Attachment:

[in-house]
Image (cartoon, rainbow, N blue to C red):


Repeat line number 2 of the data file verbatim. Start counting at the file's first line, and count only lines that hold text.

Image (cartoon, rainbow, N blue to C red):